Good heavens. I neglected to put up pictures of the hydrangeas when they got really blue. Though there is one small bush of purple hydrangeas (the color of hydrangeas has to do with the acidity of the soil) the other small bush and the really huge one are both blue, and they went from pale blue (mixed with cream at the core of the flowers when they were just "ripening") to periwinkle. I took most of the photos with the BlackBerry camera, which distorts the color a bit, so the periwinkle-ness is not obvious, but you can see that the blue is more intense than it was in the first week or too of hydrangea blooming.
The hydrangea is the only thing I've taken care of this year. The garden is my landlady's doing and the flowers pop up in due season, one wave after the other. The hydrangea bushes were full of dead wood --no one had trimmed or pulled it out in years-- so in the late winter or very early spring I got rid of it. It took a long time and the wood filled about three garbage bins. I had scratched arms after that, having been attacked by the hydrangeas as I worked. I now understand why garden ladies garden in long sleeves. The reward was a huge, really huge hydrangea bush, much larger than last year, and even more flowers than last year. Spectacular.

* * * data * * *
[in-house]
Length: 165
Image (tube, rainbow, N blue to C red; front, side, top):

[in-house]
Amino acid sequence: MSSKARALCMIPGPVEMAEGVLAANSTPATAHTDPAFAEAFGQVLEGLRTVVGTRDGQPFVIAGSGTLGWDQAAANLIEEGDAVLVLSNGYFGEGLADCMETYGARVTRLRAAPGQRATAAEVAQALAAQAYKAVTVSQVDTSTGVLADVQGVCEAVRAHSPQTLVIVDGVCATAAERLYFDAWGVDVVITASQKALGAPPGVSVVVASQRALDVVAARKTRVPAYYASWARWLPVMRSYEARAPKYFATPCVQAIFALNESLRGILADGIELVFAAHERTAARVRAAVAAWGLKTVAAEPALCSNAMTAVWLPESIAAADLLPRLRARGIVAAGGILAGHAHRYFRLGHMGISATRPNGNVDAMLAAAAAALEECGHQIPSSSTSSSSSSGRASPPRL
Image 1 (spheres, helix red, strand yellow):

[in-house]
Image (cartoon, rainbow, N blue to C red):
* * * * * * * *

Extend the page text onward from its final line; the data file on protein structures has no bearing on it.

Otherwise, all due credit to the house's owner, to Mother Nature, and to Godde, not necessarily in that order.
This is a little purple hydrangea flower after the rain.
In the variegated bouquet below, the middle flower was in fact more blue-purple than the dark blue it appears to be and the right hand flower was more of a dark purple than it appears in the photo.
I'll take photos with a regular camera next time around, but it is handy to have the BBerry in pocket - I just whip it out and click over to the camera function and take a picture. The camera is especially good with flowers. It is a little less so with pictures of +Maya and even less so with people pictures, though in a pinch it is helpful to take quick snaps of humans.
I've had flowers next to the Guadalupe candle for weeks now. Here is Guadalupe with the last of the hydrangeas.
And here is the way one looked as a green, unripe baby flower.